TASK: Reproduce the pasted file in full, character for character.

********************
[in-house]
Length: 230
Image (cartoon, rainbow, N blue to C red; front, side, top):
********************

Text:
[in-house]
Length: 230
Image (cartoon, rainbow, N blue to C red; front, side, top):